Michelle Obama attends MUSE New York 2018 at One World Observatory on February 27, 2018 in New York City. Photo / Getty Images

Michelle Obama's Inspirational Memoir Also Rings True & Tough

The former First Lady's new memoir Becoming is a work of realism

It’s the middle of the night in Chicago, the sweltering summer of 1989. A woman turns over in bed to find her new boyfriend wide-awake, looking worried.

“Hey,” she whispers to him. “What’re you thinking about over there?”

She wonders: Is it them? Is it the death of his father?

“Oh, I was just thinking about income inequality,” he says.

No need to summon Nora Ephron back from the dead: Michelle Obama has just written her own script. The relationship between the high-achieving, over-thinking, massively sceptical control freak and the oddly-named man with the “impish, I-got-this-covered grin” is romantic gold. And on the evidence of Becoming, Ms Obama’s extravagantly anticipated memoir, that private dynamic is a large part of what lay behind the long political moment that has come to an end.

READ: The Designer Behind Michelle Obama's Official Portrait Dress

You may have read some of the news stories that have emerged from Becoming. She describes the demoralising feeling of miscarrying a child; she talks about conceiving her daughters through IVF, and the resentment she experienced as she injected herself with hormones while her husband, Barack Obama, carried on with his normal working life; she says they went for couples therapy when he became a politician; she asserts that she’ll never run for office; she is fleetingly but emphatically negative about Donald Trump.

Yet more than any of these individual examples suggest, Becoming is a work of realism. That may be a strange conclusion to draw about a work of non-fiction, but one of the features of a certain kind of American memoir is an “inspirational” quality that soars above life, even as it includes “hardscrabble” beginnings. Michelle Obama is nothing if not inspiring. But her story rings true, and tough.

Those who have loved her for dancing on TV with Ellen DeGeneres or doing Carpool Karaoke with James Corden will find that her childhood is not a comedy routine but a history lesson, full of women who don’t speak up, black men who downgrade their hopes, black boys stopped by policemen because their bike is assumed to be stolen.

It’s a life in which an articulate black girl is asked why she speaks “like a white girl”; in which “you never quite knew what other folks saw you to be”.

READ: Michelle Obama On The Cover Of Vogue

She raises an eyebrow about politics throughout. One of her high school friends was Santita Jackson, daughter of the Reverend Jesse. Michelle spent time with that family as a teenager, and found straight away that “there was something about politics that made me queasy”. When her husband discusses his hope to run the country, she hopes instead for “normalcy and stability”. She encourages him, but that’s partly because she doesn’t for a moment think that he can win.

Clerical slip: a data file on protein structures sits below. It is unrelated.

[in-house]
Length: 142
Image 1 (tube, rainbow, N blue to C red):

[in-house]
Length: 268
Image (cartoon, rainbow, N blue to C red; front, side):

“Quite honestly, I thought he’d get eaten alive.”

At the 2008 Democratic National Convention in Denver, at which her husband accepted his party’s nomination for the US presidency, Michelle Obama gave a speech.

I remember thinking at the time that it was too soft — or rather, that it was disappointingly necessary. She was seen in some quarters as an “angry black woman”, and, as she counters in this memoir, “which part of that phrase matters to them the most — is it ‘angry’ or ‘black’ or ‘woman’?” The book elucidates what led to her traditionally “feminine” focus in that speech: just beforehand, Obama’s advisers showed her video footage of herself with the sound turned off. She saw it straight away: she was “too serious. Too severe”. She felt, she writes, “tears pricking at my eyes”.

READ: Michelle Obama's First Lady Fashion

In the course of that speech she also spoke about her husband’s distinction between “the world as it is” and “the world as it should be”. Too often, both Obamas have said, we accept the distance between those things, and settle for the world as it is. Her memoir winds down on the same note. Speaking of their years in the White House, she says she thinks she experienced “what many did... A glimmer of the world as it could be”.

She really meant what she said a decade ago in Denver, and it wasn’t soft after all. It was pretty hard — in fact, depending on where you stand, it now looks almost impossible.

— The Daily Telegraph

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